A look at the fight Black people in the military must have both overseas and at home
Ukraine is in crisis. Once again, its eastern neighbor Russia is challenging its sovereignty as a nation by mobilizing its military at the border. A situation like this would certainly spell doom for most other small countries, but luckily for Ukraine, they've made some powerful friends. Several members of the UN have committed resources to aid the minor nation in its time of need. Particularly the US, which (as of the writing of this article) has deployed 8,500 troops inside of Ukraine. Among them, Black soldiers.
The existence of the Black soldier has always been a strange one. On one hand, they’ve been seen as a symbol of transracial patriotism. On the other hand, they’ve also been seen as expendable and not soldiers at all. But if you ask these men and women how they want to be seen, more than likely, they’ll say, “As an American.”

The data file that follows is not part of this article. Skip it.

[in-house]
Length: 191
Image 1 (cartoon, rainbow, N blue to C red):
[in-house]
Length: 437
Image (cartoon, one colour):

The United States' military prides itself on diversity and equal opportunity within its ranks. But that hasn't always been the case for the Black and Brown soldier. Even from the start of the Revolutionary War, there has always been a strong understanding that African American troops were "negro” before soldiers. Over the years, this sentiment manifested itself in several ways. From Black battalions being used for nothing but hard labor early during the Civil War, to Black veterans being lynched in their uniforms after returning home during World War 1, to drafting Black men at disproportionately high rates during the Vietnam War, the United States has made it quite clear that the color of your skin is matters more than the color of your uniform.
Though the country has grown more progressive and tolerant during these past few decades, racism is very much alive today and still plaguing people of color throughout America. That includes those serving our country.